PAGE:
We were now beginning our journey east and spent a couple of nights near Halfeti on the banks of the Euphrates. The old town of Halfeti (Eski Halfeti) was partially submerged following the construction of the Birecik Dam. It’s now a destination for boat tours to view the Rumkale fortress on the opposite bank and the flooded village of Savas, where the minaret of the submerged mosque stands above the water.
We had hoped to visit the famous statues at Nemrut Dagi but knew there was a good chance we wouldn’t get there and indeed, at a height of 5,500ft we found the snowbound and very much closed approach road.
We spent three nights in Mardin but had only one day when we left the van – can’t be helped travelling in this region during the winter! We did have one glorious day when the sun came out so we could explore the old town and look across the plains to Syria.
Our final stop of this leg was the Mor Gabriel Monastery where we spent a couple of nights in their very snowy car park! The monastery is the oldest surviving Syriac Orthodox monastery in the world having been founded in 397AD and is located near Midyat. Although still home to practising monks and nuns it is possible to take a guided tour of the monastery.
The snow of the last couple of days was a gentle introduction to what was to come next!
Tarsus Municipal Campsite, Tarsus: Free, including EHU and limited use of a washing machine. Small individual pitches for 10 vans and any overflow was accommodated in the car park – it’s worth arriving early to secure a pitch. The maximum stay is initially 3 nights and return visits are limited. The washing machine is under lock and key and used under the supervision of the site manager but it’s free so can’t complain! Great restaurant next door and others within short walking distance. The city of Tarsus is about 2km away, a flat, easy walk.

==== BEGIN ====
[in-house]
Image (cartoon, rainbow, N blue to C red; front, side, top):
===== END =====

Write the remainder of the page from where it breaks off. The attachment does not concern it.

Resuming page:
Esenbahçe Kamp Alani, near Hatay: tl150 p/n (£6.50) including EHU. Small, rural, riverside campsite. All grass pitches. All the usual facilities but we only stayed overnight (only because we were on our way to somewhere else) so can’t comment on them.
Gaziantep Karavan Park, Gaziantep: tl150 p/n including EHU. Free use of washing machines and DRYERS – yes, tumble dryers, although it did feel like you had to fight with local caravan owners who had bought their week’s washing from home with them! A fairly new, 24hr guarded, large, tiered site with hard standing pitches next to a lake. Reception building with a communal seating area and terrace. Pitches available for long term rent and lots of caravans seem to be long term. Taxi point just outside the front gate and it cost us tl150 to get to the centre of Gaziantep.
Mardin Karavan Camping, Mardin: tl150 p/n including EHU. A small car park run by a really friendly and helpful family – we drank lots of tea with them! A great location for access to the old town of Mardin and it has all the facilities you need, albeit it’s not a pretty site. Some noise as you are right next to a mosque and the owner’s dog barks at anything and everything passing the front gate day and night.
Other overnight stops:
Buyuk Ataturk Park, Ceyhan: Free overnight spot in the car park. A few cars around in the evening but once they had gone, it was quiet enough.
Arsuz: Free parking on grass close to the beach (no swimming allowed though at this point). Some noise from the construction site behind the parking area but quiet at night. A great place to rest for a couple of days. Short walk into town.
Siverek Picnic Area, Siverek: Free parking overlooking a dammed lake on the Euphrates. Large parking area. Toilets at the entrance. Very quiet night.
Halfeti: Free parking on a track alongside the Euphrates river. They are working on the track so some lorry noise during the day. Short walk to a few shops.
Mor Gabriel Monastery: Free parking in the outer carpark. We arrived during a snow storm and staff from the monastery came out to see if we needed anything. Great views across the countryside.